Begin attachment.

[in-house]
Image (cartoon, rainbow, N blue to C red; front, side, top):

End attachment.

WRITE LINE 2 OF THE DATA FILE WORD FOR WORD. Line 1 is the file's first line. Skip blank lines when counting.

Image (cartoon, rainbow, N blue to C red; front, side, top):